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Posted April 15, 2006 by publisher in Business In Cuba

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By Marc Frank | Reuters

Cuba is seeking direct foreign investment in sugar milling and cultivation for the first time since nationalizing the industry soon after the 1959 revolution, Cuban and foreign sources said this week.

At least three companies, all with long-term business experience in Cuba, have made proposals to invest in and administer mills and adjoining cane plantations, though the companies wish to remain anonymous as negotiations proceed.

“They told us they were given the green light at the highest level to discuss milling and cultivation,” a potential investor said.

The sources cautioned that hard bargaining lies ahead before the first milling venture could be signed.

“There are many issues still to be resolved. Investors want to administer the mills, higher percentages of shares and pay sugar farmers and workers more,” a Cuban sugar expert said.

Theoretically, the state-run sugar industry has been open to direct investment for a decade, but in practice there has been no interest up to now on the government’s part except in a few derivatives and mechanical ventures, the sources said.

The Sugar Ministry recently formed Zerus, a company empowered to sign joint ventures.

Zerus Director Jose Rivera Ortiz recently told the official business weekly Opciones that Cuba was interested in forming ventures to produce sugar, syrup, ethanol, alcohol, energy and other derivatives, and that “negotiations obviously include the resources necessary for the development of cane.”

A big obstacle is the U.S. Helms-Burton law, which penalizes investment in U.S. expropriated properties and contains a yet to be implemented chapter allowing Cuban-Americans to sue investors who “traffic” in their expropriated properties.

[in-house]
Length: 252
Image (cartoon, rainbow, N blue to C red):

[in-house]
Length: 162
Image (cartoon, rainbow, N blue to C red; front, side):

The Cuban sugar industry, once the world’s biggest exporter with raw sugar output reaching 8 million tonnes in 1990, has been in decline since the former Soviet Union collapsed, depriving it of a preferential market.

For centuries a monoculture economy, today sugar exports account for less than 5 percent of Cuba’s foreign exchange earnings.

Cuba shut down and dismantled 71 of 156 mills in 2003 when raw sugar prices were around $.05 per lb, and relegated 60 percent of plantations to other uses.

Last year’s disastrous 1.3 million tonne harvest, the lowest in a century, led to more closings, with just 42 mills opened this year, though shuttered mills were conserved.

All but eight of 85 Cuban mills were built before the revolution and therefore nationalized, and most plantations are on expropriated lands.

But sugar prices have more than tripled since 2003 as high oil prices have led to increased interest in sugar-based ethanol as an alternative fuel for motorized vehicles.

“Prices are very high and are expected to remain so in the foreseeable future so both the government and investors have a big incentive,” a Cuban economist said.

Cuba plans to boost output beginning in 2006 by increasing acreage and use of fertilizer and herbicides, purchasing new equipment and reopening some 30 mills.

President Fidel Castro, alarmed by the industry’s decline and soaring prices, held an emergency meeting of the industry in mid-February.

Castro ordered daily reports from the 42 mills in operation, a crash planting plan, more supplies and said essential spare parts for agricultural equipment should be flown in from Europe, according to a summary of the meeting seen by Reuters.

The Caribbean island consumes a minimum 700,000 tonnes of sugar per year and 400,000 tonnes are destined for a toll agreement with China. 

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